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2)

Carcieri Not Asked About Fox, Costantino or Corso

Carcieri was not asked in his interview with RISP about any discussions with then-Speaker Gordon Fox, House Finance Chair Steve Costantino or with any others associated with the deal.

Carcieri was not asked about Mike Corso who was the subject of the investigation.

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3)

Peter Kilmartin’s Interview NOT Released - or Not Conducted

Speaker of the House Gordon Fox’s interview was not released on Thursday. 

Nor was former House Whip and now Attorney General Peter Kilmartin. He voted for the funding scheme for 38 Studios. It is unclear if he was interviewed.

In recent months, Governor Gina Raimondo has said that Kilmartin should not have conducted the investigation.

Nor was Mike Corso's interview - who was, for some period of time, the subject of the investigation.

Some of these interview documents may be tied to the Grand Jury.

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4)

Former RI Speaker Murphy Was Also Pitching Schilling to the Massachusetts Speaker

Former 38 Studios Board member Tom Zacagnino told RI State Police that he remembered Speaker Murphy "introducing Schilling to the Massachusetts Speaker of the House and stated that Murphy did not get compensated for this introduction. Zaccagnino beleives that Murphy did this only because of Curt Schilling’s star power.”

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5)

Zacagnino and Corso Went to Buff Chace for a Loan

Providence developer Buff Chace was approached by 38 Studios’s Tom Zaccagnino and Mike Corso for a bridge loan. “Zaccagnino and Corso went to Buff Chase/Cornish Associates/Zach Darrow in an attempt to secure a bridge loan until the anticipated tax credits were issued. they did not approve the loan.”

Chace owns much of the development on Westminster Street and is now redeveloping the Providence Journal building in partnership with a Boston development group. And, he is helping to lead the redevelopment of the Superman Building.

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6)

Corso Gets the Money from Movie Producer Brandt Andersen

According to the State Police interview with Tom Zacagnino, he and Corso approached movie producer Brandt Andersen after Buff Chace rejected their request for a bridge loan.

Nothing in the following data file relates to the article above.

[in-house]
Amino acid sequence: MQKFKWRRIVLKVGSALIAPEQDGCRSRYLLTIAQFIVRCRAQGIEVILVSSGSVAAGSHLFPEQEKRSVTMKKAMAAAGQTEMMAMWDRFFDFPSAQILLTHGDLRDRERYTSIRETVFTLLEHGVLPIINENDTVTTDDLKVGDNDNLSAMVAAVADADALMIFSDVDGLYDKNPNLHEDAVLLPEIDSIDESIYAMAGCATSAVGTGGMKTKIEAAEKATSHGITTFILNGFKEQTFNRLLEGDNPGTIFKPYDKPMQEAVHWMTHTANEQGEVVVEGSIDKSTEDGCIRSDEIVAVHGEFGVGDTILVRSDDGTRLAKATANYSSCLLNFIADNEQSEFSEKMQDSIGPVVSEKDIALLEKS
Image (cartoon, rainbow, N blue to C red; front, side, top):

Andersen was the movie producer on Lone Survivor and dozens of other movies. He worked on movies with Gary Marshall, Martin Scorsese and Peter Berg. He and Corso were involved in productions together including, Lay the Favorite.

Andersen lent the two over $1.1 million.

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7)

Raimondo Refused to Call for a New Investigation

When asked on Thursday if Governor Gina Raimondo would ask for an independent investgation, her office issued the following statement:

Governor Raimondo opposed 38 Studios from the start and believes Rhode Islanders deserve a full accounting of all that is known about how the deal occurred. The Governor commends the Rhode Island State Police for releasing all non-grand jury records from the 38 Studios investigation. These documents tell only a portion of the story about the investigation – we still don’t know what the grand jury heard and saw. That is why the Governor has petitioned the court for the release of the grand jury records.

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8)

One Staffer Was Removed From EDC Review Team When He Asked Questions About 38 Studios

RI Economic Development Corporation supervisor Mike Saul took Sean Esten off the team for asking too many tough financial questions. 

“It was Mike Saul specifically was the one who kind of started excluding me. But there was other people within the organization, like, Fred Hashway was deeply involved in a lot of the  - negotiation of this and the - the discussion on this. They stopped communicating with me regarding it,” Esten told the State Police. 

According to his 48-page interview, he raised numerous concerns about the viability and the size of the project.

Today, Esten works for Bank of America.

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9)

State Police Consistently Misspelled Governor Lincoln Chafee’s Name

Former Governor Lincoln Chafee’s name was often spelled with two f’s — Chaffee.

38 Studios founder Curt Schilling's name was often misspelled too - it appeared "Kurt" and "Shilling" in multiple references.

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10)

Hasbro Chair Verrecchia Not Asked About His Company's Relationship with EA

As GoLocal reported in September of 2015:

In 2007, Hasbro signed a major partnership agreement with Electronic Arts (EA) — an agreement that would help transform the Rhode Island toy company from a product-based manufacturing company to an interactive and entertainment focused multi-billion business. The deal has been worth hundreds of millions for the two companies. The CEO of Hasbro at the time was Al Verrecchia.

EA is the same company that had a major partnership and investment in 38 Studios. In a document released by Judge Michael Silverstein, a May 2010 memo was included that outlined the multi-million deal between EA and 38 Studios for the funding of $50 million and royalty structure that could exceed $100 million.  The EA agreement was material to the state of Rhode Island’s financing. Of course, the state’s financing of $75 million to 38 Studios was a de facto a stabilizing force to EA. 

In the 36-page interview with Verrecchia, then the Chair of the Board of Hasbro (both at the time of the vote to approve 38 Studios funding and at the date of the RSIP interview), was not asked any questions about the Hasbro relationship with EA and then EA’s agreement with 38 Studios.